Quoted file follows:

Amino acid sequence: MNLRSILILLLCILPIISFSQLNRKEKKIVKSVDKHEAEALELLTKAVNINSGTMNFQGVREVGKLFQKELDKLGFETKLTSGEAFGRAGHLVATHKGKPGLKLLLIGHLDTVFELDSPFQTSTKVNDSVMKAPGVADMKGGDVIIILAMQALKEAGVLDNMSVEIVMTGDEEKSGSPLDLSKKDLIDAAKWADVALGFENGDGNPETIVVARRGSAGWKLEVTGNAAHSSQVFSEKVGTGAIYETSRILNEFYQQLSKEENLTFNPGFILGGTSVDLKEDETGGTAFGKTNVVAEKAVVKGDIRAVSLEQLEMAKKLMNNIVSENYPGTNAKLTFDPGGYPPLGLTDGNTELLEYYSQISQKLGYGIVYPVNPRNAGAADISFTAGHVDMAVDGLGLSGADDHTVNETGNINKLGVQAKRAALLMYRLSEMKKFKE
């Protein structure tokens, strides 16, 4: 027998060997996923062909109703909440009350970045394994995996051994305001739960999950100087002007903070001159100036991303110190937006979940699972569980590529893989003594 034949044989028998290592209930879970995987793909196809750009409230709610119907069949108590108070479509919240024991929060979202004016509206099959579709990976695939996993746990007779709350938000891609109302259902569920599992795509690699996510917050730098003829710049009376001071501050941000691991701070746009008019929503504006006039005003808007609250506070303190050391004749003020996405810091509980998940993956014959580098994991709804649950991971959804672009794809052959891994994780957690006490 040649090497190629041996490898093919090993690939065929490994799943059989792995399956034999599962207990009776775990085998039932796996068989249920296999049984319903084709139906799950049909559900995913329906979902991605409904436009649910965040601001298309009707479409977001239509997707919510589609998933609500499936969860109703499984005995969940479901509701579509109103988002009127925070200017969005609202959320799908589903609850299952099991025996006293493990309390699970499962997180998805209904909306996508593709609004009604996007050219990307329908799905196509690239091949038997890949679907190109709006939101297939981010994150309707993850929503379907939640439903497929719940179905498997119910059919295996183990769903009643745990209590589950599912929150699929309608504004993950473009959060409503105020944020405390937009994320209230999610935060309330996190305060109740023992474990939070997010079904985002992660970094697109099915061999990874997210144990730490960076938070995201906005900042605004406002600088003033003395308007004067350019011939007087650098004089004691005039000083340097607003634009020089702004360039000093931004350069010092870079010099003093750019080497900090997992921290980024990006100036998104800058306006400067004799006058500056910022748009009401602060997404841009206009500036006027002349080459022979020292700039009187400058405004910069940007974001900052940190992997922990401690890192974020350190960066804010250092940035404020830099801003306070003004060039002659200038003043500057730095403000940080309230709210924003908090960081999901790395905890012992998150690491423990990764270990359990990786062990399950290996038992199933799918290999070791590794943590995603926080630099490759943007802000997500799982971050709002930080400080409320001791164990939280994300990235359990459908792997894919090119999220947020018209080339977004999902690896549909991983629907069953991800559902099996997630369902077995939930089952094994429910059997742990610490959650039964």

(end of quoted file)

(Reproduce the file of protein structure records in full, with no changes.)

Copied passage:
Amino acid sequence: MNLRSILILLLCILPIISFSQLNRKEKKIVKSVDKHEAEALELLTKAVNINSGTMNFQGVREVGKLFQKELDKLGFETKLTSGEAFGRAGHLVATHKGKPGLKLLLIGHLDTVFELDSPFQTSTKVNDSVMKAPGVADMKGGDVIIILAMQALKEAGVLDNMSVEIVMTGDEEKSGSPLDLSKKDLIDAAKWADVALGFENGDGNPETIVVARRGSAGWKLEVTGNAAHSSQVFSEKVGTGAIYETSRILNEFYQQLSKEENLTFNPGFILGGTSVDLKEDETGGTAFGKTNVVAEKAVVKGDIRAVSLEQLEMAKKLMNNIVSENYPGTNAKLTFDPGGYPPLGLTDGNTELLEYYSQISQKLGYGIVYPVNPRNAGAADISFTAGHVDMAVDGLGLSGADDHTVNETGNINKLGVQAKRAALLMYRLSEMKKFKE
């Protein structure tokens, strides 16, 4: 027998060997996923062909109703909440009350970045394994995996051994305001739960999950100087002007903070001159100036991303110190937006979940699972569980590529893989003594 034949044989028998290592209930879970995987793909196809750009409230709610119907069949108590108070479509919240024991929060979202004016509206099959579709990976695939996993746990007779709350938000891609109302259902569920599992795509690699996510917050730098003829710049009376001071501050941000691991701070746009008019929503504006006039005003808007609250506070303190050391004749003020996405810091509980998940993956014959580098994991709804649950991971959804672009794809052959891994994780957690006490 040649090497190629041996490898093919090993690939065929490994799943059989792995399956034999599962207990009776775990085998039932796996068989249920296999049984319903084709139906799950049909559900995913329906979902991605409904436009649910965040601001298309009707479409977001239509997707919510589609998933609500499936969860109703499984005995969940479901509701579509109103988002009127925070200017969005609202959320799908589903609850299952099991025996006293493990309390699970499962997180998805209904909306996508593709609004009604996007050219990307329908799905196509690239091949038997890949679907190109709006939101297939981010994150309707993850929503379907939640439903497929719940179905498997119910059919295996183990769903009643745990209590589950599912929150699929309608504004993950473009959060409503105020944020405390937009994320209230999610935060309330996190305060109740023992474990939070997010079904985002992660970094697109099915061999990874997210144990730490960076938070995201906005900042605004406002600088003033003395308007004067350019011939007087650098004089004691005039000083340097607003634009020089702004360039000093931004350069010092870079010099003093750019080497900090997992921290980024990006100036998104800058306006400067004799006058500056910022748009009401602060997404841009206009500036006027002349080459022979020292700039009187400058405004910069940007974001900052940190992997922990401690890192974020350190960066804010250092940035404020830099801003306070003004060039002659200038003043500057730095403000940080309230709210924003908090960081999901790395905890012992998150690491423990990764270990359990990786062990399950290996038992199933799918290999070791590794943590995603926080630099490759943007802000997500799982971050709002930080400080409320001791164990939280994300990235359990459908792997894919090119999220947020018209080339977004999902690896549909991983629907069953991800559902099996997630369902077995939930089952094994429910059997742990610490959650039964």